Mule Deer Hunting photo

Photograph by Lon Lauber

Eastern whitetail hunters chasing mule deer for the first time often arrive at this conclusion: Man, these big-eared deer are dumb. Of course, that’s not entirely accurate.

Allow a muley buck to catch a whiff of you on a swirling thermal, and he’ll disappear as fast as an Alabama whitetail. But in general, a mule deer is far more tolerant of seeing you than is a whitetail. And that’s the key to getting off an arrow.

When the buck you’re stalking suddenly sees or hears you and stands up, it’s no time to panic—and certainly no time to stay tucked in behind cover.

“You can absolutely be more aggressive with mule deer than you can with whitetails,” says Colorado guide Miles Fedinec. “That’s a mistake many Eastern hunters make. When a mule deer buck stands up before they’re ready, they try to hide when they should be preparing to shoot.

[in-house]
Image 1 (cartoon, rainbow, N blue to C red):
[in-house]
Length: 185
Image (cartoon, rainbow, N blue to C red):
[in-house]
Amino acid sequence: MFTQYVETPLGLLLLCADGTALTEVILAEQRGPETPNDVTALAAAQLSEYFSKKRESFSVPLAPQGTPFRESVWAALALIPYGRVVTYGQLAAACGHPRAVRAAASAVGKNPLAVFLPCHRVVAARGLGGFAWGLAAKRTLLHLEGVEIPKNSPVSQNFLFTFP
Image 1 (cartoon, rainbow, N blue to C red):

“On average, a mule deer will stand there for five to 10 seconds regardless of what you’re doing, and if you have a good shot angle, there’s no reason to wait.”